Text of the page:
by Swapnil Bhartiya

Ubuntu tablet is here. Can it reboot the tablet market?

Feb 04, 2016
LinuxMobileOpen Source

Is Ubuntu tablet the laptop replacement we've been waiting for?rn

Canonical, the company behind the Ubuntu operating system, has been working on its ‘convergence’ strategy for quite some time. The idea is to run the same code-base across devices, including desktops, tablets, smartphones and even TV sets.

Finally, the idea is becoming a reality. Today the company announced its first Ubuntu tablet.

One of the clear advantages for Canonical with this approach is that it reduces development overhead as they have to maintain only one base operating system. And there are clear advantages for users also: They get to do more with their devices. If this sounds familiar, Microsoft is also trying to achieve something similar with Continuum, though Canonical seems to be the one that introduced the idea first.

A bit about the hardware

The Aquaris M10 Ubuntu Edition tablet is a repurposed Android device. It has a 10.1 inch multitactile 1920 x 1200 – 240 ppi display. It’s only 8.2 mm thick and weighs 470 grams. It’s 7280 mAh LiPo battery should offer decent battery life, but I can’t say anything until I get to use the tablet.

The tablet is powered by MediaTek Quad Core MT8163A (1.5 GHz) processor and 2GB of RAM. It comes with 16GB of internal storage, but you can use a microSD card to expand storage up to 64 GB. I think it’s decent hardware.

Although Canonical has not announced pricing, I am assuming it should be under $300, looking at the Android edition of the tablet.

The mutation

During the video call with journalists, Canonical gave a demo of the tablet where you can see the interface switching from tablet mode (one app at a time) to desktop mode where you can use it with keyboard and mouse. This transformation happens automatically the moment you connect a bluetooth keyboard and mouse to the device.

And if 10.1 inch screen is not big enough, you can plug in a monitor. Now you have windowed desktop where you can run multiple applications just the way you do on a desktop.

Whenever I travel I always bring my laptop with me as both my iPad Pro and Pixel C can’t do a lot of things I rely on a regular desktop OS to do. With Ubuntu tablet all I need a keyboard with trackpad. I can finally leave my laptop home. Or at least that’s the promise.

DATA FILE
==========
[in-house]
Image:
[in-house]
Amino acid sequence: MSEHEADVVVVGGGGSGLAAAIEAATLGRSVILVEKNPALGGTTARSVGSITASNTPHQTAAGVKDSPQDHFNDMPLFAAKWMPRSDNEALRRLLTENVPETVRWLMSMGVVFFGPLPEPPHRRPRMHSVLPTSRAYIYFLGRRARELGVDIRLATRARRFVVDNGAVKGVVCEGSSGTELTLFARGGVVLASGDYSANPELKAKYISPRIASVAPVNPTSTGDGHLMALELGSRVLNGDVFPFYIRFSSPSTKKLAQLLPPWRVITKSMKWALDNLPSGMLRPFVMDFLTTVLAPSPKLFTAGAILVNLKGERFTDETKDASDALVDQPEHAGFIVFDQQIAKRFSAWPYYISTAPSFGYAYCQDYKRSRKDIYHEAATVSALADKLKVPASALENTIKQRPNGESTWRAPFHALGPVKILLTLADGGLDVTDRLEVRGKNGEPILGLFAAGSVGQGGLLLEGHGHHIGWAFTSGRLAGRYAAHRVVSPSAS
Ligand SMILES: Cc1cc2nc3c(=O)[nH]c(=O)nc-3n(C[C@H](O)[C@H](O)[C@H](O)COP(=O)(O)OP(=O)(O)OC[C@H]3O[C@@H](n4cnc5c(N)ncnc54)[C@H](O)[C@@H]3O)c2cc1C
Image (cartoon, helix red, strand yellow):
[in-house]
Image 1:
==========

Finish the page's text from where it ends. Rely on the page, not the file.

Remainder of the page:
One of the best things about Ubuntu tablet is that you can run legacy or traditional Linux desktop apps such as LibreOffice, GIMP, VLC and what not on it. The downside is that since they were designed for keyboard and mouse as input devices, they may not work very well in the tablet mode. To address this problem, Canonical has been working with developers on mobile apps that are designed for touch interface and are responsive so when you switch the tablet to the desktop mode, they will automatically adapt.

An uphill battle

As exciting as Ubuntu tablets are, it’s an uphill battle for Canonical because the tablet market is in decline. In fact, according to market researcher IDC, tablet shipments in 2015 were down 10.1 percent compared to 2014. The only bright spot in the market is in so-called detachable tablets, those that are most like PCs. While that may be good news for Ubuntu, an added challenge is that it doesn’t have all those millions of mobile apps, games, TV shows, movies and networks that will sell the platform.

Maybe it’s just me, but I don’t want mobile apps on a tablet. It’s OK on a phone where you have a tiny screen, but any display bigger than 9 inches can offer desktop grade experience. When I look at mobile apps on my iPad Pro, I get a very bad experience. They are blown out, half-baked phone apps that can’t do things that can be done on their desktop counterparts or simply through a Web interface.

While Canonical is working with service providers and app developers to bring their apps to Ubuntu, I would prefer the Google Docs running in a browser. And it really doesn’t matter if you are watching Netflix in a browser or through a dedicated app. As long as it offers integration with the system in terms of automatic logic and notification, you really don’t need dedicated apps for online services.

The real challenge is desktop apps. There is no Office Suite, there is no Photoshop, there is no professional video editing software for Ubuntu desktop. But you have access to the huge repository of traditional Linux applications such as LibreOffice, GIMP, Gedit, Xchat and what not. Will that be enough?

The ray of hope

I am a hardcore Chrome OS user and I wish Google used Chrome OS on Pixel C instead of Android. Because I can get real work done on a Chrome OS device; something I can’t do on an iPad or Android tablet. This simple fact is reflected in the serious dent Chromebooks are making in the laptop market.

And yet, you can do less stuff on Chrome OS than you can do on Ubuntu. This points to the huge potential Ubuntu has with their convergence strategy.

If, and this is a big if, the major software vendors like Microsoft and Adobe start offering their flagship products for Ubuntu the tables would suddenly be turned for tablets, making them productive devices.

Can we trust Ubuntu?

It’s really tough time for a new player to crack the smartphone and tablet space. Windows phones are almost dead and last year we saw both Jolla and Firefox struggling to keep their mobile ambitions alive.

I sat down with Mark Shuttleworth at SCaLE 14x and, among many other things, I asked him about the future of Ubuntu mobile, about how long he will continue to support it. He took some time to gather his thoughts and then said he is fully invested in Ubuntu mobile and will support it for the foreseeable future.

While we do have other open source projects like Plasma Mobile, I think Ubuntu is the closest thing we have to liberate mobile devices from a walled garden.

What do you think?